Normalized Market or Response to Stimulus?

Posted on April 16, 2012 by David Laidlaw

The equity markets enjoyed their best first quarter returns since 1998. While the Dow Jones posted a “modest” 8% increase, the NASDAQ surged 18%. Apple’s stock appreciated an astounding 47% during the first three months of the year and surpassed $500 billion in market capitalization.
The resilient US economy and improving employment numbers explain some of the stock market’s increase. During the 4th Quarter of 2011, the economy grew at a 3% rate. Economists predict this rate decreased to 2.0% during the 1st Quarter of this year.

Private sector employment has been improving for quite a while and the pace of hiring appears steady. Over the last three months (December 2011 to February 2012), the private sector has added 750,000 jobs. Additionally, the unemployment rate has decreased to 8.3% as a result of actual hiring rather than labor force contraction.

This rebound in employment may be the start of a virtuous cycle whereby employment gains spur increased demand for goods and services. This increased demand then causes employers to increase their hiring so that the process becomes self-reinforcing.
The past few months “feel” like a normal recovery and double dip scenarios appear less likely. Unscientifically, this is the first time in almost five years when financial panic seems
removed from everyday life.

Another explanation for the market’s rebound is that the Federal Reserve (Fed) has increased the money supply to such a high level that risky assets like stocks have nowhere to go but up. When the Fed buys bonds, it credits the accounts of the banks that act as the dealers for those bonds. This newly created money then enters the money supply through bank lending.

The chart displayed above illustrates the extent to which the Fed has been purchasing bonds. From a base of roughly $870 billion in August of 2007, the Fed has increased its purchases of fixed-income securities significantly so that the Fed now has over $2.8 trillion of assets on its balance sheet. The majority of these assets consist of US Treasuries and Mortgage-Backed Securities.

In 2011, the Fed bought 61% of all Treasuries issued by the US government. In dollar terms this is equal to an astounding $1.13 trillion of US Treasuries. It should be noted that the Fed is not acting alone in these purchases. The other central banks, including the European Central Bank, the Bank of England and the Bank of Japan, are all pursuing similar strategies such that in aggregate these central banks also own additional trillions of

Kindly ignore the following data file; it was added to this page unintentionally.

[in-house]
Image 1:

dollars in assets of sovereign debt.

The rationale for these purchases is to stimulate the economy.  These purchases keep interest rates low, which entice more borrowers into the market to increase economic activity. The other reason for keeping rates low is to increase the demand for riskier assets such as stocks since rational investors understand that bonds provide very little return.

The current Fed’s actions are unprecedented and, therefore, the future impacts of the Fed’s massive balance sheet on the market and the economy are impossible to predict. A number of economists expect that these large balances will lead to accelerating inflation as more and more dollars chase a fairly steady supply of goods and services. Others believe that the Fed under Ben Bernanke’s guidance will be able to manage the purchases and sales of bonds without disrupting the economy or causing either inflation or deflation.

Another impact of the Fed’s buying could be the inflating of bubbles, including higher prices for such asset classes as stocks and commodities. In general, we do not believe that stocks have entered bubble territory given reasonable valuations and generally strong profits found at most public companies. However, the recent increase in prices may have been due, as much or more, to the Fed’s expansionary policies as improvements in employment. The market’s retreat in early April due to the Federal Reserve’s indication that more stimulus would not be forthcoming suggests that past bond purchases must have been at least partially responsible for the gains during the 1st quarter. So while things feel more “normal,” there are many vestiges of the crisis, such as the Fed’s balance sheet, that are far from the average.